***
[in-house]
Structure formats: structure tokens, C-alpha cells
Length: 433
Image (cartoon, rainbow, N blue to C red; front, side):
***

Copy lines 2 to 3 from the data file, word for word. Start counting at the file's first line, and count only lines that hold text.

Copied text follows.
Structure formats: structure tokens, C-alpha cells
Length: 433